Gamification – A new way of working

gamification-user-experienceGamification is discussed in Chapter 7 of my book Advising Upwards: A Framework for Understanding and Engaging Senior Management Stakeholders.  This post takes a closer look at the topic from a more basic level and based on some of the research, and will suggest options for making your next wait at the dentist’s fun!

In my book, Robert Higgins, the author of Ch. 7 – The New Confucian Communication Game: Communicating with the Nintendo® Generation, suggests the way to lead in business is very similar to being a superhero in an on-line game and explains the self-organising networks of communication and status that develop (with plenty of help for non-gamers). But the potential is much wider. Gamification has the potential to revolutionise the way people see work, and how they interact with one another within the workplace.

Gamification is the concept of transferring the positive mechanisms present in games (such as badges, leader boards and other forms of ‘instant feedback’) to mundane work tasks, creating a more dynamic, fun approach to the working environment. Applied effectively, Gamification restructures a typically boring task into something fun, competitive and engaging.

Technology research and advisory company Gartner has identified four principle means of driving employee engagement through the use of gamified techniques:

  • Acceleration of feedback cycles to maintain engagement
  • Use of clear goals and rules of play
  • Allow players to feel empowered to achieve these goals
  • The building up of narratives that engages players to participate and achieve the goals of the activity

When used in a positive way, gamification will encourage people’s psychological desires for competition, drive them to engage and participate in a community structure, and increase workplace morale and productivity; it is a great way to motivate and engage the new generation of knowledge worker and reduce attrition.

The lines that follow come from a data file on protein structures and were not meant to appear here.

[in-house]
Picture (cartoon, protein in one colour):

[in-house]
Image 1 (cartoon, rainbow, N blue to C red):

The key is to develop a meaningful ‘points score’ associated with the performance of the work and then provide effective (and visible) feedback. Built from Maslow’s ‘hierarchy of need’, three key areas to include are:

  1. Level 1: Recognition. This first level focuses on highlighting success and engaging novices. The key themes drive personal brand recognition.
  2. Level 2: Access. This second level builds demand for association and attracts intermediate users by creating value and scarcity around access to ‘special’ resources, people, and tools for improvement.
  3. Level 3: Impact. This third level appeal to power users and advanced users. At this level, bragging rights and incentives align with impact on the growth of the organisation.

Gamification as a concept within business is still in its infancy, but with the energy surrounding its adoption it seems inevitable that in the long term we will all be exposed to this fast growing phenomenon. The statistics certainly suggest there is a potent demand for gamification. Research by Gartner suggests that by 2014 more than 70 per cent of global organisations will have at least one ‘gamified’ application, and by 2015, the research shows that 50% of Global 2000 organisations that manage innovation processes will have gamified those processes. Although this current wave of enthusiasm may be at the ‘peak-of-inflated-expectations’ and about to descend into the ‘trough-of-disillusionment’ on Gartner’s Hype Cycle.

trough-of-disillusionment

Used effectively, gamification has the potential to improve productivity significantly. Three examples include:

  • Using gaming to revitalise ‘lessons learned’, and promote the creation and sustenance of organisational and project knowledge ‘wikis’ rather than boring databases using competitive knowledge ranking systems to encourage increased contributions and improved team engagement (often seen in enthusiast online forums today).
  • Using challenges and rewards to track performance against the plan (where the on-time performance for the updating of progress information and the accuracy of the data provided is weighted more heavily than the actual achievement of results – the ‘players’ all have equal control over updating their progress accurately, but may not have control over the pace of work).
  • Workflow processes can be visually represented and improved by managers and team members alike, with leader boards in turn highlighting and rewarding the innovative thinkers (see more on process improvement).

The use of feedback mechanisms, such as leader boards, allows the creation of a potent dashboard from which other managers can gauge the health of each project. As well as allowing the day to day monitoring that is essential to ensure on time delivery.

Gamification has the potential to become part of the project managers ‘toolkit’, and when combined with other innovations, to contribute to successful project delivery, but it is not a one size fits all remedy to all project problems and should not be forced upon a workforce without first gauging the level of buy-in amongst individual employees. And, it may just be another business fad, but who could deny that to make work fun is a laudable aspiration? Your next challenge is to make a ‘game’ out of waiting at the dentists…..

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